The defense of the thesis is open to the public. For the defense, a student must prepare and make a polished presentation, which should last about 25 minutes. After a short introductory overview of the research for the benefit of those not familiar with the work, the presentation should focus on the technical details of the research. At the conclusion of the presentation questions may be asked by the audience and committee relating to the methods and evaluation techniques used to complete the thesis work; when complete the audience will be excused. The committee may ask the student further questions. When the committee is satisfied, the student being examined will be asked to leave the room.
At this point the examining committee decides on a result. The possible results are:
Pass with qualifications - Revision to thesis or strengthening of course knowledge are examples of why this would be selected.
Recess - Substantial revision of thesis and/or course knowledge preparation. A minimum of one month must pass before a subsequent defense can take place.
Fail - Fail the oral exam and be terminated from the graduate program.
The advisor also serves as the examination chair. The examination chair will conduct a vote and assist the students in getting the appropriate signatures via the Graduate Progress system.
For any questions about these forms, contact the Graduate Academic Advisor.
Thesis Defense Scheduling Instructions
- Schedule an appointment with the Graduate Academic Advisor (firstname.lastname@example.org) at the beginning of the semester in which you would like to defend.
- Create and write up the thesis under the supervision of your advisor.
- Get verbal agreement from your advisor that the thesis is in final form and give a copy to your second committee member. The second committee member is very likely to suggest changes.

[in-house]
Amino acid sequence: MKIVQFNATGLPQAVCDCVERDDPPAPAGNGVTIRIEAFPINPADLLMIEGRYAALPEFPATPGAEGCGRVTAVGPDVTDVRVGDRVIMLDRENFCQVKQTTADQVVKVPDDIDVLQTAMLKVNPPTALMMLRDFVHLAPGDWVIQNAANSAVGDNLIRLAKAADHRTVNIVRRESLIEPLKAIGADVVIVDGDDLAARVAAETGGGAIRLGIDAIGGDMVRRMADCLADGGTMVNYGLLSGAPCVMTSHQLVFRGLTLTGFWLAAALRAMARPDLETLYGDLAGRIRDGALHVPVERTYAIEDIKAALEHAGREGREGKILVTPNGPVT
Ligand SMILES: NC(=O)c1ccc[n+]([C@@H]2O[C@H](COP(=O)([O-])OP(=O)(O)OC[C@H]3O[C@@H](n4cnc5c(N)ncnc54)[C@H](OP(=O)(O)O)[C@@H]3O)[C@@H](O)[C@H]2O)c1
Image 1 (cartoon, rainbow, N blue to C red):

- Get verbal agreement from your advisor and second committee member that the thesis is now in final form.
- Apply for graduation.
- Be registered for at least 2 credit hours (either 2 hours of 699R or a class that is on your program of study)
- Check your Graduate Progress Report (in myBYU) for any deficient courses. Submit a Program of Study Change Form if necessary.
- Check and meet Graduation Deadlines- The department deadline to hold a final oral exam is one week prior to the Graduate Studies deadline. Department deadlines supersede university deadlines.
Approximately 1 Month Prior to the Defense:
- In the "Ready for Defense" milestone in Graduate Progress, submit "Ready for Defense Approval" requests to committee members and upload your thesis.
- Obtain a copy of the Defense Scheduling Form.
- Arrange for a date, time, and place to present your defense. Make sure that all three members of your committee can attend and collect their signatures. (Keep in mind that it may take more time than anticipated to gather the necessary signatures due to travel, illness or time off). Electronic signatures are acceptable for this form. The Graduate Academic Advisor can help you schedule a room. Reserve two hours for the defense.
No Later Than 3 Weeks Before the Defense (earlier is better):
- Submit the completed Defense Scheduling Form to the Graduate Academic Advisor at least 3 weeks before the actual day you defend.
- Provide a copy of your thesis for your third committee member.
- After submitting your thesis, the Graduate Academic Advisor will give feedback on any necessary changes to the formatting.
Defense Day or After:
- Committee Members enter the results in the Thesis Defense milestone in Graduate Progress.
- Finish any required revisions of the thesis.
- After the committee approves the defense in Graduate Progress, upload the final version of the ETD and finalize details under "ETD" milestone of Graduate Progress.
- Take the department survey.